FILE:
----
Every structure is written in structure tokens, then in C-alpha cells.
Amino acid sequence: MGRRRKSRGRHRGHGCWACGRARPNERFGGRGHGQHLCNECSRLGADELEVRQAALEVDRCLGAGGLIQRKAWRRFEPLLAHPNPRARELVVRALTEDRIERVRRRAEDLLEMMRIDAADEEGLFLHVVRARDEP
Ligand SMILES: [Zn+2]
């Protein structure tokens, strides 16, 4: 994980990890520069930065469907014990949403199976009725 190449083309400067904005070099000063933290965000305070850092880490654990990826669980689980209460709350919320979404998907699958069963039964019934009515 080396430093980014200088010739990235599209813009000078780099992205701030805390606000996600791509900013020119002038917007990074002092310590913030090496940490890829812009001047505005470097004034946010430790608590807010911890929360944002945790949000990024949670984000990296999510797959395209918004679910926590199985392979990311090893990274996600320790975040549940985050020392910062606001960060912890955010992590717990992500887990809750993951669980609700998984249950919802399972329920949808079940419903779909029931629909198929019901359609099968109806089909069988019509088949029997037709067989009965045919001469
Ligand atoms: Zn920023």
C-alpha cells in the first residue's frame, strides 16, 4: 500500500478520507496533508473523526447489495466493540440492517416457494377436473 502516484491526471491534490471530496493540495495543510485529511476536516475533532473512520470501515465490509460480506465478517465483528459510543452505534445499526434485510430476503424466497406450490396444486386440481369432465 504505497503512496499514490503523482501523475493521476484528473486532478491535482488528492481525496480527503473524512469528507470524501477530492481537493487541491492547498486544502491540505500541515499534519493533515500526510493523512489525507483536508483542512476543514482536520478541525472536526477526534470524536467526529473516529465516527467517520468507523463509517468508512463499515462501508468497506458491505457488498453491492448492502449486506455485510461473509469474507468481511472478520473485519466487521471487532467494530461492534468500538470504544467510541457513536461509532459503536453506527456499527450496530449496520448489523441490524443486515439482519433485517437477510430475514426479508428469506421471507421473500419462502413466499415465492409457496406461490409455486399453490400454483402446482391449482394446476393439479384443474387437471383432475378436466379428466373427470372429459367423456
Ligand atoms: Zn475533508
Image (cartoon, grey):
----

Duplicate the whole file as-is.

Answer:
Every structure is written in structure tokens, then in C-alpha cells.
Amino acid sequence: MGRRRKSRGRHRGHGCWACGRARPNERFGGRGHGQHLCNECSRLGADELEVRQAALEVDRCLGAGGLIQRKAWRRFEPLLAHPNPRARELVVRALTEDRIERVRRRAEDLLEMMRIDAADEEGLFLHVVRARDEP
Ligand SMILES: [Zn+2]
């Protein structure tokens, strides 16, 4: 994980990890520069930065469907014990949403199976009725 190449083309400067904005070099000063933290965000305070850092880490654990990826669980689980209460709350919320979404998907699958069963039964019934009515 080396430093980014200088010739990235599209813009000078780099992205701030805390606000996600791509900013020119002038917007990074002092310590913030090496940490890829812009001047505005470097004034946010430790608590807010911890929360944002945790949000990024949670984000990296999510797959395209918004679910926590199985392979990311090893990274996600320790975040549940985050020392910062606001960060912890955010992590717990992500887990809750993951669980609700998984249950919802399972329920949808079940419903779909029931629909198929019901359609099968109806089909069988019509088949029997037709067989009965045919001469
Ligand atoms: Zn920023």
C-alpha cells in the first residue's frame, strides 16, 4: 500500500478520507496533508473523526447489495466493540440492517416457494377436473 502516484491526471491534490471530496493540495495543510485529511476536516475533532473512520470501515465490509460480506465478517465483528459510543452505534445499526434485510430476503424466497406450490396444486386440481369432465 504505497503512496499514490503523482501523475493521476484528473486532478491535482488528492481525496480527503473524512469528507470524501477530492481537493487541491492547498486544502491540505500541515499534519493533515500526510493523512489525507483536508483542512476543514482536520478541525472536526477526534470524536467526529473516529465516527467517520468507523463509517468508512463499515462501508468497506458491505457488498453491492448492502449486506455485510461473509469474507468481511472478520473485519466487521471487532467494530461492534468500538470504544467510541457513536461509532459503536453506527456499527450496530449496520448489523441490524443486515439482519433485517437477510430475514426479508428469506421471507421473500419462502413466499415465492409457496406461490409455486399453490400454483402446482391449482394446476393439479384443474387437471383432475378436466379428466373427470372429459367423456
Ligand atoms: Zn475533508
Image (cartoon, grey):